Contrary to popular belief, the job of a professional translator entails more than just being fluent in several languages. Much like in other jobs, professional translators need a lot of training and practice to become great at what they do. If you’re interested in this line of work, here are the most important things you should know:
• Test Yourself
The first thing you need to find out is whether you have what it takes or not. If you’re a native English speaker, taking a Defense Language Proficiency Test is the best way to assess your general proficiency in a specific foreign language. If your results are sufficient, it’s a good idea to put them on your CV and let your potential clients know you’re the right person for the job.
• Get a Certification
Once you know you’ve got the necessary skills, joining a certification program is the natural next step. A lot of universities and translation schools offer professional certifications and advanced degrees these days. Getting your certification through an organization like this will also put you on their website directories, which can be a big help when looking for a job. While becoming a certified translator is not exactly required, it’s probably the best place to start in the industry.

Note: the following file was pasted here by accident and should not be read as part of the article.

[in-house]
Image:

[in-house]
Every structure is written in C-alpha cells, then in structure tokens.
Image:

• Start Acquiring Experience
Entry-level jobs or internships are not very glamorous, but they’re usually a necessary stepping stone on your way to greatness. Having samples of your work on the ready for when those clients start calling is also fairly important – the best way to go about that is looking for translation opportunities wherever you can think of. Various organizations like police stations, law firms, language agencies or law firms are always on the lookout for translators and interpreters, so make sure to find those that are in your area and check in with them on a regular basis.
• Put Yourself on the Market
Starting a blog or website is the best way to have your work available to a wide audience. This is where having a good CV comes in handy, but you also need to make sure to price your services reasonably. If you’re not sure what rates you should charge, contact other translators to get a rough estimation.
• Never Stop Improving
This is more of a general advice, but you should try to avoid resting on your laurels. Professional translators should always be keeping up with the industry and its trends. The market for translation services is highly competitive nowadays, so persistence is the key to being a successful professional translator.